Of those key figures who supported Bernie Sanders’s failed quest for the Democratic nomination, none was as ubiquitous at his campaign rallies and pumped up with so much passion as Nina Turner, the former Ohio State senator. Turner, who herself had flunked the election to be her state’s secretary of state despite President Bill Clinton’s spirited help as a campaign surrogate, had no qualms endorsing Hillary Clinton’s bid for the presidency when the former first lady tossed her hat into the ring. Along came Sanders. And what did Turner do? She ditched the former president’s wife and hitched her wagon to Sanders’s star. Turner was painful to watch as she joined other high-profile Sanders supporters to throw shade at Clinton on television and at rallies to boisterous cheers.
Now that the primaries are long over and many of those who supported Sanders are gradually, if grudgingly, gravitating towards Clinton, the likes of Turner are finding themselves stuck in a no-man’s land, ashamed to return to origin, and instead looking for the sheerest opportunity to hang onto the memories of vanished dreams. That was why on MSNBC’s The Last Word with Laurence O’Donnell last night, she expressed deep disappointment at Clinton’s choice of former Virginia governor Tim Kaine as vice presidential nominee. Turner would have preferred a liberal in the mold of her principal as Clinton’s running mate, be that person an Elizabeth Warren or a Hispanic-American candidate. For that reason, Turner could not guarantee O’Donnell that a lot of Sanders supporters would be motivated enough to vote for Clinton. Turner’s gravamen is that the Democratic base, represented largely by Progressives and Millennials, need to be whipped into a frenzy first before they could vote for Clinton, as neither her nor Kaine is particularly exciting enough as a candidate.
Turner also retweeted two tweets by Michael Moore, liberal activist and documentary filmmaker. One of the tweets reads: “Show me 1 voter gained by naming Tim Kaine. Att’n Hillary campaign: It’s not Trump who’ll beat u. It’s the people who are going to stay home.” Moore, like Turner, was one of the senator’s fanatical supporters during the primaries. And like her, he had nothing too nice to say of Clinton either. It is therefore a little gratuitous for them to claim to know what is best for the Clinton campaign.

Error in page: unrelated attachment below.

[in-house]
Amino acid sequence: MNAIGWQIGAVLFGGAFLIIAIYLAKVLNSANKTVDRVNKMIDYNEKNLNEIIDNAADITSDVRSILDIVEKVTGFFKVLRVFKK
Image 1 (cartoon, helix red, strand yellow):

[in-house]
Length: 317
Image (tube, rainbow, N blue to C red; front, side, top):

Exciting the base can’t be the only consideration that goes into selecting a running mate. There has to be a whole host of other factors, most of which the Clinton folks must have considered as well, as, for example, the running mate’s readiness to govern should something happen to Clinton. After listening to Kaine narrate the story of his life and career at a joint rally with Clinton this afternoon in Miami, I don’t know that there are still many who would come out to argue forcefully that Clinton had made the wrong choice. You don’t have to wear the tag of a Progressive to be actually one. The man, from what we have heard from him, in addition to what we already knew of him, is a living, breathing, talking and walking embodiment of that appellation.
Finally, to Turner and Moore and other Sanders supporters who are so miffed as to want to contemplate staying home because a candidate of their choice wasn’t selected as running mate, I’d like to say this: the thought of Donald Trump as president of the United States should be more than enough motivation for you to vote for Clinton, regardless of what you think of her. If the foreboding darkness that looms large on the horizon does not scare you shitless enough to vote for Clinton, then you must truly hate her that much. And that’s a shame.